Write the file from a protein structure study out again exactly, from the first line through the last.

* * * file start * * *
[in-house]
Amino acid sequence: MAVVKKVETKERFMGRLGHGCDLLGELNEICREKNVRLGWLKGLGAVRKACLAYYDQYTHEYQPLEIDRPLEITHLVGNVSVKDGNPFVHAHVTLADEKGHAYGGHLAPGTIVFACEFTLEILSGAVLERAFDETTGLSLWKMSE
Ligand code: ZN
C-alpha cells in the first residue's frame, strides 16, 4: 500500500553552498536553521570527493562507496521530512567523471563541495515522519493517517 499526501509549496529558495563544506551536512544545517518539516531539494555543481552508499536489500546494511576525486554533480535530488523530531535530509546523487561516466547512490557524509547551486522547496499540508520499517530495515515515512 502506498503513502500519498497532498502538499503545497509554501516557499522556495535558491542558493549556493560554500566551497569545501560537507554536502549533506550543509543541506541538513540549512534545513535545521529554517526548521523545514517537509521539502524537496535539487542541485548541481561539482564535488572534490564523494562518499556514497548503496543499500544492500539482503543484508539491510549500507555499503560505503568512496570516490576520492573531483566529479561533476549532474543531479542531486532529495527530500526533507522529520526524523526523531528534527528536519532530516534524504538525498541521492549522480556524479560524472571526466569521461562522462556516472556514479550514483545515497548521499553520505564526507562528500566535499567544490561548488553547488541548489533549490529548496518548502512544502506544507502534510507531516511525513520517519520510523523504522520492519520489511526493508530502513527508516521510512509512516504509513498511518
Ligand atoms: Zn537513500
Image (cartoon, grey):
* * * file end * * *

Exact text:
[in-house]
Amino acid sequence: MAVVKKVETKERFMGRLGHGCDLLGELNEICREKNVRLGWLKGLGAVRKACLAYYDQYTHEYQPLEIDRPLEITHLVGNVSVKDGNPFVHAHVTLADEKGHAYGGHLAPGTIVFACEFTLEILSGAVLERAFDETTGLSLWKMSE
Ligand code: ZN
C-alpha cells in the first residue's frame, strides 16, 4: 500500500553552498536553521570527493562507496521530512567523471563541495515522519493517517 499526501509549496529558495563544506551536512544545517518539516531539494555543481552508499536489500546494511576525486554533480535530488523530531535530509546523487561516466547512490557524509547551486522547496499540508520499517530495515515515512 502506498503513502500519498497532498502538499503545497509554501516557499522556495535558491542558493549556493560554500566551497569545501560537507554536502549533506550543509543541506541538513540549512534545513535545521529554517526548521523545514517537509521539502524537496535539487542541485548541481561539482564535488572534490564523494562518499556514497548503496543499500544492500539482503543484508539491510549500507555499503560505503568512496570516490576520492573531483566529479561533476549532474543531479542531486532529495527530500526533507522529520526524523526523531528534527528536519532530516534524504538525498541521492549522480556524479560524472571526466569521461562522462556516472556514479550514483545515497548521499553520505564526507562528500566535499567544490561548488553547488541548489533549490529548496518548502512544502506544507502534510507531516511525513520517519520510523523504522520492519520489511526493508530502513527508516521510512509512516504509513498511518
Ligand atoms: Zn537513500
Image (cartoon, grey):